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The Millheiin Journal,
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R. a. sumiiLEß.
Office in the New Journal Building,
Penn St.,nearllartnian'a foundry.
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the office ocupiod by tbe late flrin of Yocuin A
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Practices In all the courts of Centre county
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CORNER OF MAIN AND JAY .STREETS
LOCK HAVEN, PA.
S. W OODS~CALD WELL
Good sameple rooms lor commercial Travel
ere on first floor.
R. A. BUMILLER, Editor.
S. 0 GUTKLIUS,
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He is prepared to perform all alterations i" the
dental pmlrMlon. lb' I* now fully prepared to
extract teeth absolutely without pain
Mrs. Sarah A. Zeigler's
on Penn street, south of race bHdge,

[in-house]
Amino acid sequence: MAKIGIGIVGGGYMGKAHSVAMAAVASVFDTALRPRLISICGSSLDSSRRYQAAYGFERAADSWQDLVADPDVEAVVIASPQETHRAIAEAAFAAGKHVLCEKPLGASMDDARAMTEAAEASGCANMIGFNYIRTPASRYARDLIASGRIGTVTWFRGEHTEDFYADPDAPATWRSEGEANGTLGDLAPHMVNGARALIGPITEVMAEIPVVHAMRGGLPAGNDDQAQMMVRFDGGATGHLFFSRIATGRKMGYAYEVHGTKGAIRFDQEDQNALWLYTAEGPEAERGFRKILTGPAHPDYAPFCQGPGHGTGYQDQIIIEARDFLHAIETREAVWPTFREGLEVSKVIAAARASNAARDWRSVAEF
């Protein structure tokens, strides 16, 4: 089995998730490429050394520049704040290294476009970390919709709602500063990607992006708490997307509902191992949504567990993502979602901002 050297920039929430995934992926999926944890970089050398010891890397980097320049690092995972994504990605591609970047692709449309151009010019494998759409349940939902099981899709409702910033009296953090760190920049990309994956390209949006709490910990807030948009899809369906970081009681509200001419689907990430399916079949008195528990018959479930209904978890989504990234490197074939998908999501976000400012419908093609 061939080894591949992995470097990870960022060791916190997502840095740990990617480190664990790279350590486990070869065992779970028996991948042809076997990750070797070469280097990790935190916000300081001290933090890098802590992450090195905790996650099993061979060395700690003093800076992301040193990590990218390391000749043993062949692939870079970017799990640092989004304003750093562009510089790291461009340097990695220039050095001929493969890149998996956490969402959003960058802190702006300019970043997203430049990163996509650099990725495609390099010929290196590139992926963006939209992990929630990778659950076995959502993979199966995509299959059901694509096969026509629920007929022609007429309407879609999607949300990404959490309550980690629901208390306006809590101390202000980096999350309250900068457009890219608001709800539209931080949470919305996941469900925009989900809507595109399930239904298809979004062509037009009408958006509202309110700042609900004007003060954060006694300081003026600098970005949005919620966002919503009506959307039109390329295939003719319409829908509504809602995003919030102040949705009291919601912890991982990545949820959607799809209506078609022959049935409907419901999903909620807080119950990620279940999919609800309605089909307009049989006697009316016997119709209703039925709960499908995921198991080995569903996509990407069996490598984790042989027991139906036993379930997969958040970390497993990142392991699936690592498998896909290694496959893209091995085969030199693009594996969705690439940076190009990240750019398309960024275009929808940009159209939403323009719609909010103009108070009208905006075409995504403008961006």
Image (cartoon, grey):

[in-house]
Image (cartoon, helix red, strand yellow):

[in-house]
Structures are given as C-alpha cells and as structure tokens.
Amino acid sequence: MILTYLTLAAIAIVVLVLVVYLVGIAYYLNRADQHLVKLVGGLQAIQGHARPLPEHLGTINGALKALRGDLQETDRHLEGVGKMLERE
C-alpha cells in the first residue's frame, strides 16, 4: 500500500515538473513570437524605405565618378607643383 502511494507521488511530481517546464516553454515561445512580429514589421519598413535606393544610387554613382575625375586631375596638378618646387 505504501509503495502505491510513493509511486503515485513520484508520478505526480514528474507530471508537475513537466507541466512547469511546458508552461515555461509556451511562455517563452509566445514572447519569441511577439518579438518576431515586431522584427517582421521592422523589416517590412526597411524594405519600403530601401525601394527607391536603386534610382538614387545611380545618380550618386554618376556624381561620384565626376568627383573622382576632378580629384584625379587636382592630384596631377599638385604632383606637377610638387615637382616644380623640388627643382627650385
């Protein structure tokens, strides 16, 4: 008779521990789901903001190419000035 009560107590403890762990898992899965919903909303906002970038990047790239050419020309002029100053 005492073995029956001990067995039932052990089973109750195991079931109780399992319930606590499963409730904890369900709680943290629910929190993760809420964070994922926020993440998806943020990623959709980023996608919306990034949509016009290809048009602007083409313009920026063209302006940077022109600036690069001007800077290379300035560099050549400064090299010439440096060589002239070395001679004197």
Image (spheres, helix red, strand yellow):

Mil ium I'D.
Bread, Pies & Cakes
of superior quality can bo bought at any time
and in any quantity.
ICE CREAM AND FAN
for Weddings, Picnics and other social gather
lugs promptly made to order.
Call at her place and get your supplies at ex
ceedingly low prices. S4-8m
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Main Street, Millheim. Pa.,
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isfaction guaranteed. Your patronage
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I recommend It as superior to any prescription I Rour Stomach, Diarrhoea, Eructation,
known to me." IL A. Aacnaa, M. I)., I KiU -I,^;;™ w ' k ' lvu * * h "*' * aJ P loUloU * "*
111 60. Oxford St., Brooklyu, N. Y. | Without injurious medication.
Tu* Ca.Tr alb Com-a-NT, ISJ Pulton Street. N. Y.
THE LIGHT RUNNING*
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Jn H world that gjrTnds on both
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Nos. 220, 222 & 224 Front Street,
The largest House Furnishing Emporium in
THE.PLACE TO GET A SQUARE DEAL AND THE BEST BARGAINS.
FOIt I'ARI.OK, SALOON. DINING ROOM.OKFICK.
->BED F(0011] SUITS oUi\ FOpS,^
Come and Visit a Pleasant Homo. Artistically, Taslllyjaiul Comfortably FurnWica.
On the Second Floor we have